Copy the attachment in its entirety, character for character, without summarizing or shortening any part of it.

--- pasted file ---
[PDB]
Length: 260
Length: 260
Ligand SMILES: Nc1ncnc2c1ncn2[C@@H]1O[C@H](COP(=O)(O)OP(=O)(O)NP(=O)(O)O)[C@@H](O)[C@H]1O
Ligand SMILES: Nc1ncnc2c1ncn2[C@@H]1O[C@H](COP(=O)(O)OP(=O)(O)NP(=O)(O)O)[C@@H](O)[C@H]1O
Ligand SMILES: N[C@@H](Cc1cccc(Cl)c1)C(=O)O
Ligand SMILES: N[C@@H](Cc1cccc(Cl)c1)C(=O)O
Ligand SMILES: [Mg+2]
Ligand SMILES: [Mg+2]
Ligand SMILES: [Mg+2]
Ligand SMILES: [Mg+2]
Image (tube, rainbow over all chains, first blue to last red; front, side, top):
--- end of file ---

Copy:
[PDB]
Length: 260
Length: 260
Ligand SMILES: Nc1ncnc2c1ncn2[C@@H]1O[C@H](COP(=O)(O)OP(=O)(O)NP(=O)(O)O)[C@@H](O)[C@H]1O
Ligand SMILES: Nc1ncnc2c1ncn2[C@@H]1O[C@H](COP(=O)(O)OP(=O)(O)NP(=O)(O)O)[C@@H](O)[C@H]1O
Ligand SMILES: N[C@@H](Cc1cccc(Cl)c1)C(=O)O
Ligand SMILES: N[C@@H](Cc1cccc(Cl)c1)C(=O)O
Ligand SMILES: [Mg+2]
Ligand SMILES: [Mg+2]
Ligand SMILES: [Mg+2]
Ligand SMILES: [Mg+2]
Image (tube, rainbow over all chains, first blue to last red; front, side, top):